|Commenced in January 2007||Frequency: Monthly||Edition: International||Paper Count: 3|
Urban greenery remains the bastion of urban landscape and a key to sustainable development due to its integral connections to the general health and wellbeing of urban residents. However, in an era of rapid urbanisation, recent studies indicate that urban greenery, especially ecologically sensitive areas, in many African cities is becoming increasingly depleted. Given the scale and rate of natural and anthropogenic change, effective management of urban greenery as the ultimate goal of restoring depleting urban landscapes is urgent. This review advocates for an urban resilience model to managing urban greenery.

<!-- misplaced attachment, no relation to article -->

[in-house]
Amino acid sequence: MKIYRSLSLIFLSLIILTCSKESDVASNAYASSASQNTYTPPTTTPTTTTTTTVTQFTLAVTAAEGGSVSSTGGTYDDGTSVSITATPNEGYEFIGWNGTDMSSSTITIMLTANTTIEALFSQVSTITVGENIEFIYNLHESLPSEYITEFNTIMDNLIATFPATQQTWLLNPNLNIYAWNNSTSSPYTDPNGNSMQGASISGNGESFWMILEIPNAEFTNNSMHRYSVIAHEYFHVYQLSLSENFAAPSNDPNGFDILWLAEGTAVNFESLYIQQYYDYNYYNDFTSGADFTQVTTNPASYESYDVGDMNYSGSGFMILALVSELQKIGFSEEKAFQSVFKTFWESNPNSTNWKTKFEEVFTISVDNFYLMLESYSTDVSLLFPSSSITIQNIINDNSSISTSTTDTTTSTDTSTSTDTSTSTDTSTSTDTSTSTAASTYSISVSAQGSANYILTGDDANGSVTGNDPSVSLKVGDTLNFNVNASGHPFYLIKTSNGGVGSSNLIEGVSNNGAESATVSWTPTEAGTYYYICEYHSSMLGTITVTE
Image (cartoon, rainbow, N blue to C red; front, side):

This paper seeks to illustrate the impact of rapid urbanization (in terms of both increase in people and vehicles) in the Gauteng region (which includes Johannesburg, Pretoria and Ekurhuleni). The impact that existing transport systems and options place on the capacity of residents from low income areas to travel and conduct various socio-economic activities is discussed. The findings are drawn from a 2013 analysis of a random transport household survey of 1550 households carried out in Gauteng province. 91.4% of the study respondents had access to public transport, while 8.6% had no access to public transport. Of the 91.4% who used public transport, the main reason used to explain this state of affairs was that it was affordable (54.3%), convenient (15.9%), Accessible (11.9%), lack of alternatives (6.4%) and reliable at 4.1%. Recommendations advanced revolve around the need to reverse land use and transportation effects of apartheid planning, growing and developing a sustainable critical mass of public transport interventions supported by appropriate transport systems that are environmentally sustainable through proper governance. 38.5% of the respondents indicated that developing compact, smart and integrated urban land spaces was key to reducing travel challenges in the study area. 23.4% indicated that the introduction and upgrading of BRT buses to cover all areas in the study area was a step in the right direction because it has great potential in shifting travel patterns to favor public modes of transport. 15.1% indicated that all open spaces should be developed so that fragmentation of land uses can be addressed. This would help to fight disconnected and fragmented space and trip making challenges in Gauteng. 13.4% indicated that improving the metro rail services was critical since this is a mass mover of commuters. 9.6% of the respondents highlighted that the bus subsidy policy has to be retained in the short to medium term since the spatial mismatches and challenges created by apartheid are yet to be fully reversed.